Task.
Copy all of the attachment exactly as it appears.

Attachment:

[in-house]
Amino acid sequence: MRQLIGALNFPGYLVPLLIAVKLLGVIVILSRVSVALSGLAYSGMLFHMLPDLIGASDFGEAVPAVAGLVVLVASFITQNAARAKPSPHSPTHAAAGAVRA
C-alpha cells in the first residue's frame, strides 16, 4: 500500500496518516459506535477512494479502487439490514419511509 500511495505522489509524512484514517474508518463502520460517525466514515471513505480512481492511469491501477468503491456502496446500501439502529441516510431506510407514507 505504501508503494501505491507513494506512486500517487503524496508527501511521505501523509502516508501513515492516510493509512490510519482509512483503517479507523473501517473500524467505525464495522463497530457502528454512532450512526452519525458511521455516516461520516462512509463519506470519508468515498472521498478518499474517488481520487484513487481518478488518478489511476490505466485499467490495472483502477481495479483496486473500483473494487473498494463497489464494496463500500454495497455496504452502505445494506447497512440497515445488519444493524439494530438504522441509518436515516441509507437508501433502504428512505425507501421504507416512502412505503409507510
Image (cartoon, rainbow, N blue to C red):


[in-house]
Amino acid sequence: MRQLIGALNFPGYLVPLLIAVKLLGVIVILSRVSVALSGLAYSGMLFHMLPDLIGASDFGEAVPAVAGLVVLVASFITQNAARAKPSPHSPTHAAAGAVRA
C-alpha cells in the first residue's frame, strides 16, 4: 500500500496518516459506535477512494479502487439490514419511509 500511495505522489509524512484514517474508518463502520460517525466514515471513505480512481492511469491501477468503491456502496446500501439502529441516510431506510407514507 505504501508503494501505491507513494506512486500517487503524496508527501511521505501523509502516508501513515492516510493509512490510519482509512483503517479507523473501517473500524467505525464495522463497530457502528454512532450512526452519525458511521455516516461520516462512509463519506470519508468515498472521498478518499474517488481520487484513487481518478488518478489511476490505466485499467490495472483502477481495479483496486473500483473494487473498494463497489464494496463500500454495497455496504452502505445494506447497512440497515445488519444493524439494530438504522441509518436515516441509507437508501433502504428512505425507501421504507416512502412505503409507510
Image (cartoon, rainbow, N blue to C red):